A federal judge on Thursday ordered the IRS to explain, under oath, how it lost a trove of emails to and from a central figure in the agency’s tea-party controversy.
U.S. District Judge Emmet G. Sullivan gave the tax agency a month to submit the explanation in writing. Sullivan said he is also appointing a federal magistrate to see whether the lost emails can be obtained from other sources.
Sullivan issued the order as part of a Freedom of Information Act lawsuit by Judicial Watch, a conservative watchdog group. He said the IRS declaration must be signed, under oath, by the appropriate IRS official.
“I’m going to hold tight to that Aug. 10 declaration,” Sullivan said.
The IRS says it lost the emails in 2011 when Lois Lerner’s computer crashed. At the time, Lerner headed the IRS division that processes applications for tax-exempt status. She has since retired.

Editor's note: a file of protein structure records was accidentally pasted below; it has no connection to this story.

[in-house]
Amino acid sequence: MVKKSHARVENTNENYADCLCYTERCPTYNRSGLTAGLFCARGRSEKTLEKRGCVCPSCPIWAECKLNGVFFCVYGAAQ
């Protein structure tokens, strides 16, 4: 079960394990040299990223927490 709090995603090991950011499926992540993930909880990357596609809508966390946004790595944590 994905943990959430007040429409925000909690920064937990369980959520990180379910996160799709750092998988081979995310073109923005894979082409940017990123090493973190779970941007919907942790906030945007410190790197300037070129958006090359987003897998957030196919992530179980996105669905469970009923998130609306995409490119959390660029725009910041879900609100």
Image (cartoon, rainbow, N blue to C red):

Lerner, who refused to answer questions at two House committee hearings, has become a central figure in several congressional investigations over the handling of tea-party applications. At both hearings, Lerner cited her Fifth Amendment right not to incriminate herself.
IRS Commissioner John Koskinen has testified on the lost emails before Congress at least three times. Each time he was under oath.
Koskinen said he first learned there was a problem with Lerner’s computer in February but didn’t learn that emails were lost until April. The IRS notified Congress on June 13.